New details likely to emerge on Trump’s dealings with Ukraine
President Trump survived his impeachment trial, but new details about his dealings with Ukraine still could emerge as the president seeks reelection.
Most notable is whether John Bolton, Trump’s former national security advisor, can back up his reported claim in an unpublished memoir that the president told him he was withholding military aid for Ukraine in an effort to get its leaders to investigate a 2020 Democratic candidate, the key allegation in the impeachment case.
Details from Bolton’s manuscript leaked during the Senate trial, and White House officials said they would seek redactions of what they claim is classified information in it. Bolton denies that he reveals any classified data, but the fight could easily delay the book’s release, scheduled for mid-March.
Other information could emerge through public records lawsuits.
The Center for Public Integrity, a Washington-based nonprofit newsroom, has gone to court to get unredacted versions of two dozen emails from the Office of Management and Budget that include details on Trump’s order to freeze $391 million in security aid for Ukraine last summer.
The administration said the emails involve “presidential decision-making about the scope, duration and purpose of the hold on military assistance to Ukraine,” all key issues in the impeachment trial.
Democrats alleged that Trump withheld the money in an effort to press Ukraine’s new president to investigate Joe Biden, who is seeking the Democratic presidential nomination, and his son Hunter, who served on the board of a Ukrainian gas company while Biden was U.S. vice president.
Another potential problem for Trump looms just before the November election.
Lev Parnas and Igor Fruman, Soviet-born businessmen who worked with Rudolph W. Giuliani, the president’s lawyer, to dig up dirt on Biden in Ukraine, are scheduled to stand trial on campaign finance charges in New York on Oct. 5.
Since their indictment, Parnas has appeared to turn on Trump, granting media interviews and providing material to House Democrats, including a recording of a conversation with Trump about Ukraine.
The trial could provide an unflattering view on how two donors made their way into Trump’s inner circle, generating unwelcome headlines as the presidential campaign enters its final stretch.
Bolton refused to testify to the Democratic-led House impeachment inquiry last fall, but he later offered to testify to the Republican-led Senate if he were subpoenaed.
After Republicans voted to block new witnesses at the Senate trial, Democrats asked Bolton whether he would submit an affidavit under oath instead.
“He refused,” Rep. Adam B. Schiff (D-Burbank) said Wednesday on MSNBC. “So for whatever reason, he apparently was willing to testify before the Senate, but, apart from that, seems intent on saving it for his book. He’ll have to answer for that.”
Matt Schlapp, chairman of the American Conservative Union and a close Trump ally, said Bolton’s book and other new information won’t matter given the impeachment case that Democrats already presented.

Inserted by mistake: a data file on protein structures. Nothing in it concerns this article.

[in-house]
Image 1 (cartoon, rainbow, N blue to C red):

“We know essentially what happened,” he said. “Somebody can supply more details about that, but there’s no new facts.”
It’s unclear how much Democrats will push to expand the record now that the trial is over.
House Speaker Nancy Pelosi (D-San Francisco) said Democrats would continue holding oversight hearings on the Trump administration, but there are “no plans right now” to issue a House subpoena to Bolton.
“We have some cases in court now,” she told reporters Thursday. “If there are others we see as an opportunity, we’ll make a judgment at that time, but we have no plans right now.”
Charles Cooper, Bolton’s lawyer, did not respond to emails.
Bolton submitted his manuscript to the White House for review on Dec. 30. The government has a deadline of 30 working days to review such books, though lawyers said reviews typically take months, especially if a manuscript contains classified information.
In a letter to Cooper on Jan. 23, a White House official warned that the book contained “significant amounts” of top secret information, but did not say how long the review would take.
Lawyers who handle pre-publication review cases said Bolton has three options.
He can wait for completion of the government review and then sue if he disagrees with the results, but that could delay publication even further.
He could release the book, but government lawyers could take him to court and seize his royalties.
Or he could file a lawsuit on 1st Amendment grounds, arguing the government is taking unreasonably long to scrub the book for classified material.
Mark Zaid, an attorney who works on national security cases, said Bolton’s best option would be to sue the Trump administration to speed up the process and ensure a judge can weigh in.
“There are probably lots of discussions taking place behind the scenes,” said Zaid, who also works with government whistleblowers. He represents the intelligence official whose complaint about Trump’s phone call with Ukraine’s president led to the impeachment case.
Republicans have made clear that they are more interested in helping Trump build a case against Biden than in exhuming the Ukraine scandal.
Sen. Charles E. Grassley (R-Iowa) and Sen. Ron Johnson (R-Wis.) sent a letter to the Secret Service on Wednesday, the same day Trump was acquitted, asking for records that could show whether Hunter Biden “used government-sponsored travel to help conduct private business.”
The senators have reportedly received other records from the Treasury Department, leading to concerns from Democrats that administration officials are willing to comply with Republican requests while ignoring other oversight efforts.
Times staff writers Noah Bierman, Del Quentin Wilber and Sarah D. Wire contributed to this report.
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